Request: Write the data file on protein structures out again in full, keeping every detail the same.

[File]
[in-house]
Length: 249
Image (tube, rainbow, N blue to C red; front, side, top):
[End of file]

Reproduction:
[in-house]
Length: 249
Image (tube, rainbow, N blue to C red; front, side, top):